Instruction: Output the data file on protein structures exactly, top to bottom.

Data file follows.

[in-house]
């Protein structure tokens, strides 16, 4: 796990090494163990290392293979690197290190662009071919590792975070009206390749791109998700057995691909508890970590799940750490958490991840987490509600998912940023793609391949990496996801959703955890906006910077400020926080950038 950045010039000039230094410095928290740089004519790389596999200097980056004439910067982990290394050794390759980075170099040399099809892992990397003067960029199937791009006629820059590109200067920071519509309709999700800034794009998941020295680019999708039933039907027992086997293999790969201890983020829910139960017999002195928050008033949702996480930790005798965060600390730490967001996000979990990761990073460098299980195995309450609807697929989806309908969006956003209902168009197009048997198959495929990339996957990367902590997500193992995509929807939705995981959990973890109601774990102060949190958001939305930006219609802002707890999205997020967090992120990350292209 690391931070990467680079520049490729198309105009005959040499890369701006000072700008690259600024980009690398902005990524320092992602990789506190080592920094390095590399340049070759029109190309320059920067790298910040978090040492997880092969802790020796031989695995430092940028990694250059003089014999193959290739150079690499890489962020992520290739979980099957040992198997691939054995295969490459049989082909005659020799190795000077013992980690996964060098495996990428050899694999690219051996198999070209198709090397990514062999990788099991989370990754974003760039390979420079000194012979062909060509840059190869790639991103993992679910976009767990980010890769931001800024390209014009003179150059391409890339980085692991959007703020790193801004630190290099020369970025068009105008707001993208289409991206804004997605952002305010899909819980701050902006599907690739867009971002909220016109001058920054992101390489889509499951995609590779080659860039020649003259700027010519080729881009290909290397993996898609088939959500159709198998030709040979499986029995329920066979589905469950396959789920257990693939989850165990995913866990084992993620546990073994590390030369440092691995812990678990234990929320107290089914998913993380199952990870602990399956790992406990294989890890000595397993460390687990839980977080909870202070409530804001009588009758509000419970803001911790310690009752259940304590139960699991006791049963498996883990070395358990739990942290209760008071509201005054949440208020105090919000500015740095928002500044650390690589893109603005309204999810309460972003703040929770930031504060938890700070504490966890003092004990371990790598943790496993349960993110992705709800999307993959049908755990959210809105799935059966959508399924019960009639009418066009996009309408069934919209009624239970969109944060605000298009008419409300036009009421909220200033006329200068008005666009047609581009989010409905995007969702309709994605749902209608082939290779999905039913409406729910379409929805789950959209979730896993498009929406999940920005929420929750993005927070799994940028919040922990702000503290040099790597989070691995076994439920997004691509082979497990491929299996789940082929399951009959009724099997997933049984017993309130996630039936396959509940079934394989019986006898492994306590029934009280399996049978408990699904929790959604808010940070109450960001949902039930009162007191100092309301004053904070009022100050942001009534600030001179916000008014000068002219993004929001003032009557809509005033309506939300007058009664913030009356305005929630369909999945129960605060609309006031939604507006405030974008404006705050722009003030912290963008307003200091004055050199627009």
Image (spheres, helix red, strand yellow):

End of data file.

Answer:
[in-house]
């Protein structure tokens, strides 16, 4: 796990090494163990290392293979690197290190662009071919590792975070009206390749791109998700057995691909508890970590799940750490958490991840987490509600998912940023793609391949990496996801959703955890906006910077400020926080950038 950045010039000039230094410095928290740089004519790389596999200097980056004439910067982990290394050794390759980075170099040399099809892992990397003067960029199937791009006629820059590109200067920071519509309709999700800034794009998941020295680019999708039933039907027992086997293999790969201890983020829910139960017999002195928050008033949702996480930790005798965060600390730490967001996000979990990761990073460098299980195995309450609807697929989806309908969006956003209902168009197009048997198959495929990339996957990367902590997500193992995509929807939705995981959990973890109601774990102060949190958001939305930006219609802002707890999205997020967090992120990350292209 690391931070990467680079520049490729198309105009005959040499890369701006000072700008690259600024980009690398902005990524320092992602990789506190080592920094390095590399340049070759029109190309320059920067790298910040978090040492997880092969802790020796031989695995430092940028990694250059003089014999193959290739150079690499890489962020992520290739979980099957040992198997691939054995295969490459049989082909005659020799190795000077013992980690996964060098495996990428050899694999690219051996198999070209198709090397990514062999990788099991989370990754974003760039390979420079000194012979062909060509840059190869790639991103993992679910976009767990980010890769931001800024390209014009003179150059391409890339980085692991959007703020790193801004630190290099020369970025068009105008707001993208289409991206804004997605952002305010899909819980701050902006599907690739867009971002909220016109001058920054992101390489889509499951995609590779080659860039020649003259700027010519080729881009290909290397993996898609088939959500159709198998030709040979499986029995329920066979589905469950396959789920257990693939989850165990995913866990084992993620546990073994590390030369440092691995812990678990234990929320107290089914998913993380199952990870602990399956790992406990294989890890000595397993460390687990839980977080909870202070409530804001009588009758509000419970803001911790310690009752259940304590139960699991006791049963498996883990070395358990739990942290209760008071509201005054949440208020105090919000500015740095928002500044650390690589893109603005309204999810309460972003703040929770930031504060938890700070504490966890003092004990371990790598943790496993349960993110992705709800999307993959049908755990959210809105799935059966959508399924019960009639009418066009996009309408069934919209009624239970969109944060605000298009008419409300036009009421909220200033006329200068008005666009047609581009989010409905995007969702309709994605749902209608082939290779999905039913409406729910379409929805789950959209979730896993498009929406999940920005929420929750993005927070799994940028919040922990702000503290040099790597989070691995076994439920997004691509082979497990491929299996789940082929399951009959009724099997997933049984017993309130996630039936396959509940079934394989019986006898492994306590029934009280399996049978408990699904929790959604808010940070109450960001949902039930009162007191100092309301004053904070009022100050942001009534600030001179916000008014000068002219993004929001003032009557809509005033309506939300007058009664913030009356305005929630369909999945129960605060609309006031939604507006405030974008404006705050722009003030912290963008307003200091004055050199627009």
Image (spheres, helix red, strand yellow):